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Murders of Brazil children, teens double in 25 years

BRASILIA: Twenty-eight Brazilian children and adolescents are murdered every day, double the number a quarter century ago, when Latin America's biggest country passed a law to protect minors, UNICEF said. The United Nations children's rights agency contrasted Brazil's dismal toll — 10,500 murders of minors in 2013 — with Congress's focus on a law lowering...

SAMAA | - Posted: Jul 13, 2015 | Last Updated: 6 years ago
SAMAA |
Posted: Jul 13, 2015 | Last Updated: 6 years ago

BRASILIA: Twenty-eight Brazilian children and adolescents are murdered every day, double the number a quarter century ago, when Latin America's biggest country passed a law to protect minors, UNICEF said.

The United Nations children's rights agency contrasted Brazil's dismal toll — 10,500 murders of minors in 2013 — with Congress's focus on a law lowering the age of adult criminal responsibility from 18 to 16.

The death rate for minors, UNICEF said, is higher than typical even for warzones.

“You can see a push from parts of society to make adolescents responsible for the violence,” the report said.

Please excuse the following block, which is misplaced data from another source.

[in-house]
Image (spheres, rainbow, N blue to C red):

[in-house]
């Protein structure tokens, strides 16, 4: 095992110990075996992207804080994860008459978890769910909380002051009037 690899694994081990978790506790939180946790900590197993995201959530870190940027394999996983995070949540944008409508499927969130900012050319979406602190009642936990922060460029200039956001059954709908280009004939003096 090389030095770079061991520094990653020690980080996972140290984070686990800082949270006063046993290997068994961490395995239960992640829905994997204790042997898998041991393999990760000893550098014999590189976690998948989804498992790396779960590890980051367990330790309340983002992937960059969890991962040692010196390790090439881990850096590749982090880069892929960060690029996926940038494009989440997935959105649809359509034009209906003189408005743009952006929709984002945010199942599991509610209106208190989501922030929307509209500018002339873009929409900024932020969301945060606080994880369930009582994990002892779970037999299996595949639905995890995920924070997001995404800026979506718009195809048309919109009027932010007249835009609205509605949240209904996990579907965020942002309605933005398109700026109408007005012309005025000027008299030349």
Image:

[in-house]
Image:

“In reality, there are death sentences every day on adolescents, especially those who are black, across the whole country.”

The youth mortality comes against a background of widespread violence in most Brazilian cities, with just the city of Rio de Janeiro, for example, already seeing 534 murders and more than 1,000 attempted murders in the first five months of this year.

Unicef called the deaths of youngsters “disturbing,” putting Brazil in second place behind Nigeria for murders of under 20-year-olds.

Black youths, usually poor and living in the outskirts of cities, are almost four times more likely to be murdered, said the study, issued to mark the 25th anniversary of Brazil's landmark law on children's rights. Most of the crimes go unsolved.

However, UNICEF underlined that it's not all bad news.

In the last quarter century, 60 percent of Brazilians have seen their income rise and 39 million people in a country of 202 million have escaped extreme poverty, with the national economy rising from 13th to seventh largest in the world.

The country has also advanced significantly in many areas, from education and nutrition to infant mortality, even if babies born to indigenous communities are twice as likely to die before reaching the age of one.–AFP

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